Sinusitis is inflammation of the sinuses, most commonly caused by a viral or bacterial infection or by an allergy.
Sinusitis is one of the most common medical conditions. About 10 to 15 million people each year develop symptoms of sinusitis. Sinusitis may occur in any of the four groups of sinuses: maxillary, ethmoid, frontal, or sphenoid. Sinusitis nearly always occurs in conjunction with inflammation of the nasal passages (rhinitis), and some doctors refer to the disorder as rhinosinusitis. It may be acute (short-lived) or chronic (long-standing).
Sinusitis is defined as acute if it is totally resolved in less than 30 days. Acute sinusitis may be caused by a variety of bacteria and often develops after something blocks the openings to the sinuses. Such blockage commonly results from a viral infection of the upper airways, such as the common cold. During a cold, the swollen mucous membranes of the nasal cavity tend to block the openings of the sinuses. Air in the sinuses is absorbed into the bloodstream, and the pressure inside the sinuses decreases, causing pain and drawing fluid into the sinuses. This fluid is a breeding ground for bacteria. White blood cells and more fluid enter the sinuses to fight the bacteria. This influx increases the pressure and causes more pain.
Allergies also cause mucous membrane swelling, which blocks the openings to the sinuses. Additionally, people with a deviated septum are more prone to obstructed sinuses.
Sinusitis is defined as chronic if it has been ongoing for more than 8 to 12 weeks. Doctors do not understand exactly what causes chronic sinusitis, but it may follow a viral infection, a severe allergy, or exposure to an environmental pollutant. Often the person has a family history, and a genetic predisposition seems to be a factor. If the person has a bacterial or fungal infection, the inflammation is much worse. Occasionally, chronic sinusitis of the maxillary sinus results when an upper tooth abscess spreads into the sinus above.
Acute sinusitis usually results in pain, tenderness, congestion and obstruction in the nose, reduced ability to smell (hyposmia), bad breath (halitosis), a productive cough (especially at night), and swelling over the affected sinus. Maxillary sinusitis causes pain over the cheeks just below the eyes, toothache, and headache. Frontal sinusitis causes headache over the forehead. Ethmoid sinusitis causes pain behind and between the eyes, a bacterial infection of the skin around the eye socket (periorbital cellulitis), tearing, and headache (often described as splitting) over the forehead. Sphenoid sinusitis causes pain that does not occur in well-defined areas and may be felt in the front or back of the head.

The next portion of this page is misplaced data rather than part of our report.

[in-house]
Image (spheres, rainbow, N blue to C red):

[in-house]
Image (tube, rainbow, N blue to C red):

In acute sinusitis, yellow or green pus may be discharged from the nose. Fever and chills also can occur, but their presence may suggest that the infection has spread beyond the sinuses. Any change in vision or swelling around the eye is a very serious condition that can quickly—within minutes to hours—result in blindness. Such a change should be evaluated by a doctor as soon as possible. Often, pain is more severe in acute sinusitis.
The symptoms of chronic sinusitis are similar to those caused by acute sinusitis. The most common symptoms of chronic sinusitis are nasal obstruction, nasal congestion, and postnasal drip. People with sinusitis may have colored discharge and a decreased sense of smell. A person also may feel generally ill (malaise).
A doctor bases the diagnosis on the typical symptoms and, sometimes, on x-ray studies. X-rays may show fluid in the sinuses, but a computed tomography (CT) scan is better able to determine the extent and severity of sinusitis. If a person has maxillary sinusitis, the teeth may be x-rayed to check for tooth abscesses. Sometimes a doctor passes a thin viewing scope (endoscope) into the nose to inspect the sinus openings and to obtain samples of fluid for culture. This procedure, which requires a local anesthetic (to numb the area), can be done in the doctor's office.
Sinusitis in children is suspected when a pus-filled discharge from the nose persists for more than 10 days along with extreme tiredness (fatigue) and cough. Pain or discomfort in the face may be present. Fever is uncommon. When examining the nose, a doctor sees pus-filled drainage. A CT scan can confirm the diagnosis.
Treatment of acute sinusitis is aimed at improving sinus drainage and curing the infection. Steam inhalation; hot, wet towels over the affected sinuses; and hot beverages may help relieve the tightened or constricted blood vessels and promote drainage. Nasal sprays, such as phenylephrine, which cause blood vessels to narrow (constrict), can be used for a limited time. Similar drugs, such as pseudoephedrine, taken by mouth are not as effective. For acute sinusitis, antibiotics such as amoxicillin or trimethoprim/sulfamethoxazole are given.
People who have chronic sinusitis take antibiotics, such as amoxicillin/clavulanate or cefuroxime, for a longer period of time. When antibiotics are not effective, surgery may be performed either to wash out the sinus and obtain material for culture or to improve sinus drainage, which allows the inflammation to resolve.
Last full review/revision July 2008 by Marvin P. Fried, MD; Michael Jacewicz, MD